Locke, one of the best-known ad buyers in London’s media industry, turned 60 last September but his departure has still come as a surprise.
He is known as a savvy operator who has previously been described as "gobby, funny and smart" with a "hold-no-prisoners style of negotiation" by Campaign.
As managing director of Publicis Media Exchange, he oversaw over £1bn in annual media spend in the UK for the world's third-biggest ad group.
Last year, he slashed Starcom’s media spend with the Daily Mail during a four-month stand-off over trading.
His street-wise trading abilities ensured his longevity in a front-line role in an industry where few buyers survive past the age of 50.
Publicis Media, which has not yet decided on how it might replace Locke, said in a statement: "Chris Locke has decided to leave his role as managing director of PMX in the UK, Publicis Media’s trading arm, to pursue other interests.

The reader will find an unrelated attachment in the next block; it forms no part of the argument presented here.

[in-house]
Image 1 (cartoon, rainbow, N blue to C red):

"We thank Chris for his contribution to our business over the years and wish him well in his future endeavours."
Publicis Media declined to comment further. Locke could not be reached for comment.
Locke, who has been with the company for 27 years, joined the media department of DMB&B, which became The Media Centre and then MediaVest in 1999. MediaVest merged with Starcom in 2001 and Publicis Groupe then bought the group in 2003.
He was put in charge of Vivaki, the UK trading arm, in 2008. Vivaki was rebranded as Publicis Media Exchange in 2016.
Locke featured regularly in the Campaign Annual’s list of the top ten media buyers.
He liked to joke: "I wouldn’t say I was the best buyer in the UK, but I’m in the top one."
Locke was dubbed the "Peter Pan of media" by his Publicis colleagues in a 60th birthday announcement for him that appeared in the Daily Telegraph last year.